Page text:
In lieu of an abstract, here is a brief excerpt of the content:

HUMANITIES 537 meneutical bridge backwards from the twentieth-century reader to the thirteenth-century writer. Would he have reached the same conclusions if the bridge had been built in the other direction? fu short, does Lonergan's own reflective psychology recast Aquinas, in a way that is historically and perhaps doctrinally falsifying, into a post-Cartesian thinker more focused on the modern man's inner psychic activity than on the ancient and medieval man's world of sensible existents? Aquinas certainly says that the latter is the primary and immediate object of human knowledge (sT, 1, q.87, a.J). To accept Lonergan is to accept that he, better or at least more explicitly than Aquinas, understood the meaning of what the latter said. (DENIS J.M. BRADLEY) Joseph Flanagan. Quest for Self-Knowledge: An Essay in Lonergan's Philosophy University of Toronto Press. xii, 292. $6o.oo cloth, $22.95 paper In 1986 the University of Toronto Press committed itself to publishing the Collected Works of Bernard Lonergan, an assemblage of materials from the published and unpublished writings,lectures, and notes of the well-known Canadian philosopher and theologian who died in 1984 at the age of nearly eighty. (Of the twenty-one volumes projected, six have appeared thus far, with two more expected shortly.) At the same time, the press announced a subsidiary series that would study various aspects of Lonergan's thought and its implications. Several works have been published to date in this series, under such diverse titles as Theology and the Dialectics of History (1990), An Introduction to the Philosophy of Bernard Lonergan, 2nd edition (1991), Lonergan and Feminism (1994), Lonergan and Kant (1994), The Divine Initiative (1995), and The Lonergan Reader (1997). The present book is a further contribution to the series. Joseph Flanagan, long-time member of the philosophy department at Boston College, presents his volume as a meditation on methods. What he means by 'method' is fundamentally not a set of abstract rules but rather a normative pattern of concrete operations, a concrete way of doing things that maximizes the probability of success. Flanagan contends that exploring the histories of the various academic disciplines brings to light a threefold development in the emergence, evolution, and study of methods. The first development is a matter of reflexive explicitation. One supplements one's knowledge of objects with knowledge of oneself as subject. More exactly, one expands the field of what one explicitly knows so that it includes not only first-order contents but also one's concrete cognitional operations and, at root, oneself as concrete knower. And this expansion, in tum, makes possi~le the powerful technique of operational or implicit definition, the technique of characterizing contents not just substantively, in terms of what one has already learned about them, but heuristically, in terms of the operations by which they are or would be known. 538 LETTERS IN CANADA 1997 The second development is a matter of heuristic generalization. By distinguishing the features proper to cognitional operations in this or that special field from the features conunon to those in every field, one moves from heuristically characterizing the respective contents that mathematicians , physicists, sociologists, and so on seek to know (namely, reality as mathematical, physical, sociological, and so on) to heuristically characterizing what everyone at least implicitly seeks to know (namely, reality as such). That is to say, we are all metaphysicians, in fact if not in name; the findings of explicit metaphysics stand to the findings of the other disciplines as the heuristically general content stands to heuristically special contents; and the ground of explicit metaphysics is knowledge of the general features of oneself as concrete knower. The third development is a matter of practical integration. Further selfstudy manifests that in academic disciplines, just as everywhere else, we encounter objects not simply as knowers but also as choosers. We are oriented not only to know the real but also to know and choose the really good. Moreover, the latter orientation presupposes, subsumes, and transforms the former. Hence our basic horizon is practical rather than merely cognitional; philosophy is metaphysics but even more basically it is ethics; and the ground of explicit philosophy is...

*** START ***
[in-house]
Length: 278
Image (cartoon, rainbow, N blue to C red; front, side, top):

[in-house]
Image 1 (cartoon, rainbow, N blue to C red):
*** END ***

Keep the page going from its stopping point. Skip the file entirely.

Additional Information

Print ISSN
pp. 537-538
Launched on MUSE
Open Access
Back To Top

This website uses cookies to ensure you get the best experience on our website. Without cookies your experience may not be seamless.